De Brigard, Emile. 1975. The History of Ethnographic Film. In, Principles of Visual Anthropology. Paul Hockings (ed.). Pp. 13-43.The Hague: Mouton.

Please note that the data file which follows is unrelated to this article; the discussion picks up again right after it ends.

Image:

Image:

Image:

Reflective of his position as an outsider anthropologist, the author acknowledges “We now turn our cameras on ourselves for a good hard look at our own societies, thus redressing an imbalance which the “native” subjects of ethnographic films have found highly offensive” (14). The author presents a succinct yet comprehensive history of ethnographic film, which he says began as a phenomenon of colonialism, and continues to be part of history, as a part of the struggle for independence in the developing nations. The author traces the beginning of ethnographic filmmaking from Felix-Louis Regnault in the 1890s, a physician who became interested in anthropology, who used chronophotography to film human movements. The author further divides the time period of visual anthropology to pioneer period (Alfred Cort Haddon during the Torres Strait Expedition), which was then followed by applied anthropology, which he cites as the origin of colonial cinema. As an example, the author writes about the case of the Philippines in which the American colonial administration used film in educating the northern natives about Western sanitary practices. De Brigard continues the history of ethnographic filmmaking by also citing the works of Mead and Bateson in Indonesia, the lack of film production during the WWII, and then the development of Rouch’s work towards “cinema verite.” With its function of politicization, cinema verite, as de Brigard writes, came to be developed during the historical turn of France’s disengagement from Algeria. The development of cinema verite, as well as the other movements that followed, is situated by de Brigard as part of a continuous shift in the conventions of filmmaking and spectatorship.